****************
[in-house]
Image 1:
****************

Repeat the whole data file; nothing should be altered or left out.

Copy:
[in-house]
Image 1: